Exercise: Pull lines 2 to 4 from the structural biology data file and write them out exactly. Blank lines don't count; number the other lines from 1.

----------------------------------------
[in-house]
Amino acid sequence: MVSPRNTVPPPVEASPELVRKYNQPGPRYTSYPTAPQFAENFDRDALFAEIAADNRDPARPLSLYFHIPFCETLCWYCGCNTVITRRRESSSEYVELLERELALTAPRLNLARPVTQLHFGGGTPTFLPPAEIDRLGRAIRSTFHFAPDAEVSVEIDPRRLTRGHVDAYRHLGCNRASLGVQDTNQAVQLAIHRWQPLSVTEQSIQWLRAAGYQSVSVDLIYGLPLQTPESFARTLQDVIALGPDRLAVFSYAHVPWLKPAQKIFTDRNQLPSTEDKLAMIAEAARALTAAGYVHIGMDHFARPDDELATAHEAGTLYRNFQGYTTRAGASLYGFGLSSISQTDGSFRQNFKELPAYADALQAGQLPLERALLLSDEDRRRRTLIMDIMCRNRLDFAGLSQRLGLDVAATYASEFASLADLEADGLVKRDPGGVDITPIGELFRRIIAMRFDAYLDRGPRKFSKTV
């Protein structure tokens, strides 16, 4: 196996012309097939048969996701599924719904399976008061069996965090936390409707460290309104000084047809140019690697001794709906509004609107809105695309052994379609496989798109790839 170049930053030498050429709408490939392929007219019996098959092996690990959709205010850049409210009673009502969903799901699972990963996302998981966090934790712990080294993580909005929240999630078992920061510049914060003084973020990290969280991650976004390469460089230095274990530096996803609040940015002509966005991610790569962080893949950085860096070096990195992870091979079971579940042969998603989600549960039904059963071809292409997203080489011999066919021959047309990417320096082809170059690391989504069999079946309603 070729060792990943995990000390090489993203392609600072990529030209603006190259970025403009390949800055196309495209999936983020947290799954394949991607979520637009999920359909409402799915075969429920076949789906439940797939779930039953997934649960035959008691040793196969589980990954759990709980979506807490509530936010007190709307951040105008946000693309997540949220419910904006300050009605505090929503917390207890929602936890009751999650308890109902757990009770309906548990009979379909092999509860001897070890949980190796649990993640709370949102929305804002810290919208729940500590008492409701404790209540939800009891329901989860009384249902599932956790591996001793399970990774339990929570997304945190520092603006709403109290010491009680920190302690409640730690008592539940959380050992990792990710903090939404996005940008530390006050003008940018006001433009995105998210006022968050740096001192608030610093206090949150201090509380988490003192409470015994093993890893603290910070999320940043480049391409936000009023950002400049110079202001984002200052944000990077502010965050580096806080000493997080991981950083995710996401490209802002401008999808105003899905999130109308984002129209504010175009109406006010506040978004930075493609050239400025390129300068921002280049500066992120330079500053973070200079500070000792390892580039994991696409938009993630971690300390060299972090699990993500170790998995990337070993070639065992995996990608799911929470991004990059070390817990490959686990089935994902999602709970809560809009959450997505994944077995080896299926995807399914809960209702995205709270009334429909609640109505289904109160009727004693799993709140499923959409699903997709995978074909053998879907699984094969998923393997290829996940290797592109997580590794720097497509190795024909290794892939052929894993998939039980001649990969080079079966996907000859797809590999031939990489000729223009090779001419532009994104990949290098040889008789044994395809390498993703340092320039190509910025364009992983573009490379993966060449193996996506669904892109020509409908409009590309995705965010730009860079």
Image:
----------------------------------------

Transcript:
Amino acid sequence: MVSPRNTVPPPVEASPELVRKYNQPGPRYTSYPTAPQFAENFDRDALFAEIAADNRDPARPLSLYFHIPFCETLCWYCGCNTVITRRRESSSEYVELLERELALTAPRLNLARPVTQLHFGGGTPTFLPPAEIDRLGRAIRSTFHFAPDAEVSVEIDPRRLTRGHVDAYRHLGCNRASLGVQDTNQAVQLAIHRWQPLSVTEQSIQWLRAAGYQSVSVDLIYGLPLQTPESFARTLQDVIALGPDRLAVFSYAHVPWLKPAQKIFTDRNQLPSTEDKLAMIAEAARALTAAGYVHIGMDHFARPDDELATAHEAGTLYRNFQGYTTRAGASLYGFGLSSISQTDGSFRQNFKELPAYADALQAGQLPLERALLLSDEDRRRRTLIMDIMCRNRLDFAGLSQRLGLDVAATYASEFASLADLEADGLVKRDPGGVDITPIGELFRRIIAMRFDAYLDRGPRKFSKTV
């Protein structure tokens, strides 16, 4: 196996012309097939048969996701599924719904399976008061069996965090936390409707460290309104000084047809140019690697001794709906509004609107809105695309052994379609496989798109790839 170049930053030498050429709408490939392929007219019996098959092996690990959709205010850049409210009673009502969903799901699972990963996302998981966090934790712990080294993580909005929240999630078992920061510049914060003084973020990290969280991650976004390469460089230095274990530096996803609040940015002509966005991610790569962080893949950085860096070096990195992870091979079971579940042969998603989600549960039904059963071809292409997203080489011999066919021959047309990417320096082809170059690391989504069999079946309603 070729060792990943995990000390090489993203392609600072990529030209603006190259970025403009390949800055196309495209999936983020947290799954394949991607979520637009999920359909409402799915075969429920076949789906439940797939779930039953997934649960035959008691040793196969589980990954759990709980979506807490509530936010007190709307951040105008946000693309997540949220419910904006300050009605505090929503917390207890929602936890009751999650308890109902757990009770309906548990009979379909092999509860001897070890949980190796649990993640709370949102929305804002810290919208729940500590008492409701404790209540939800009891329901989860009384249902599932956790591996001793399970990774339990929570997304945190520092603006709403109290010491009680920190302690409640730690008592539940959380050992990792990710903090939404996005940008530390006050003008940018006001433009995105998210006022968050740096001192608030610093206090949150201090509380988490003192409470015994093993890893603290910070999320940043480049391409936000009023950002400049110079202001984002200052944000990077502010965050580096806080000493997080991981950083995710996401490209802002401008999808105003899905999130109308984002129209504010175009109406006010506040978004930075493609050239400025390129300068921002280049500066992120330079500053973070200079500070000792390892580039994991696409938009993630971690300390060299972090699990993500170790998995990337070993070639065992995996990608799911929470991004990059070390817990490959686990089935994902999602709970809560809009959450997505994944077995080896299926995807399914809960209702995205709270009334429909609640109505289904109160009727004693799993709140499923959409699903997709995978074909053998879907699984094969998923393997290829996940290797592109997580590794720097497509190795024909290794892939052929894993998939039980001649990969080079079966996907000859797809590999031939990489000729223009090779001419532009994104990949290098040889008789044994395809390498993703340092320039190509910025364009992983573009490379993966060449193996996506669904892109020509409908409009590309995705965010730009860079």
Image: